With that in mind, I don’t think Labanc will start the season with the Sharks. DeBoer seems to trust Timo Meier and Marcus Sorensen more, and those two are enough to replace the departed Marleau and Micheal Haley on the NHL roster. A player like Ryan Carpenter is far more likely to serve as the team’s 13th forward, given his stage of development compared to Labanc’s.
After regular playing time with the Barracuda, though, I expect Labanc will force DeBoer’s hand and finish the season with the Sharks. His Calder Cup playoffs performance may have been a bit underwhelming, but the former sixth round pick still managed 20 points in 55 NHL games and wasn’t a bad possession player, either. With a year of professional hockey under his belt, he should be even better this season and will leave the Sharks no choice but to have him in the NHL.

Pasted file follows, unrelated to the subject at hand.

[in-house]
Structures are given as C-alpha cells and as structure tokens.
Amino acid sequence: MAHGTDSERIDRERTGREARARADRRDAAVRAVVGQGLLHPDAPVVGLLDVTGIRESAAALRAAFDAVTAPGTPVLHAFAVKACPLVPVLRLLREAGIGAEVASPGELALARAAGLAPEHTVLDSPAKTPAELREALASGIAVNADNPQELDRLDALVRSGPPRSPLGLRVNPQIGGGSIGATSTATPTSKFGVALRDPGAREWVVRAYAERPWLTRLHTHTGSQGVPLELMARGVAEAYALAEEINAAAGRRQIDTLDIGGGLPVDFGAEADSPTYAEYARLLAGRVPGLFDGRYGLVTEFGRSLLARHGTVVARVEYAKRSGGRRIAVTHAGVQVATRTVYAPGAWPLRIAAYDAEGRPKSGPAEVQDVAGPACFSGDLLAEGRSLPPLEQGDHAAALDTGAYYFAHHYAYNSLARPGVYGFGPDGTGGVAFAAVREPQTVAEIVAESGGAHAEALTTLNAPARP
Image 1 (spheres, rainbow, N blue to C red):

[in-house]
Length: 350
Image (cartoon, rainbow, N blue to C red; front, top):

Tomas Hertl will score 20 goals...centering his own line
Injuries cut short Tomas Hertl’s season for the third time in four seasons last year, as the Czech forward failed to play in 50 regular season games for the second time in his NHL career. When he was healthy, though, Hertl showed that he was ready to play center.
That’s the position he played when the Sharks drafted him in 2012, and that’s the position he should play in 2017-18. Chris Tierney is simply not ready for full-time duty as the team’s third-line center, and San Jose needs to prepare for life without Joe Thornton, who’s 38 and coming off of significant knee surgery. Thornton’s also coming off of his worst offensive season in nearly two decades, so San Jose needs a contingency now and in the future.